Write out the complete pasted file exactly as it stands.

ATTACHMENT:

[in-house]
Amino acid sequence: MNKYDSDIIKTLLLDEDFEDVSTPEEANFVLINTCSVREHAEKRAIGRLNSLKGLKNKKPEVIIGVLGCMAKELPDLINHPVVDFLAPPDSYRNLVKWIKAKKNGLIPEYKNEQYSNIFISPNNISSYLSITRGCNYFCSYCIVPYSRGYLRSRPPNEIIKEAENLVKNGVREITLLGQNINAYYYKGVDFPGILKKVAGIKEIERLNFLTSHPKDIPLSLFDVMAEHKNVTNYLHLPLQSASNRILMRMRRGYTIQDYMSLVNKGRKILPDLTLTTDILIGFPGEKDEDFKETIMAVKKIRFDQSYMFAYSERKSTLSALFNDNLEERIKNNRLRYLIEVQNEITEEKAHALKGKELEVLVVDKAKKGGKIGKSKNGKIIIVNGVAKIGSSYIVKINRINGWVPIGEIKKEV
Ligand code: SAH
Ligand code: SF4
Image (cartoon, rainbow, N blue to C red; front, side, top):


[in-house]
Amino acid sequence: MNKYDSDIIKTLLLDEDFEDVSTPEEANFVLINTCSVREHAEKRAIGRLNSLKGLKNKKPEVIIGVLGCMAKELPDLINHPVVDFLAPPDSYRNLVKWIKAKKNGLIPEYKNEQYSNIFISPNNISSYLSITRGCNYFCSYCIVPYSRGYLRSRPPNEIIKEAENLVKNGVREITLLGQNINAYYYKGVDFPGILKKVAGIKEIERLNFLTSHPKDIPLSLFDVMAEHKNVTNYLHLPLQSASNRILMRMRRGYTIQDYMSLVNKGRKILPDLTLTTDILIGFPGEKDEDFKETIMAVKKIRFDQSYMFAYSERKSTLSALFNDNLEERIKNNRLRYLIEVQNEITEEKAHALKGKELEVLVVDKAKKGGKIGKSKNGKIIIVNGVAKIGSSYIVKINRINGWVPIGEIKKEV
Ligand code: SAH
Ligand code: SF4
Image (cartoon, rainbow, N blue to C red; front, side, top):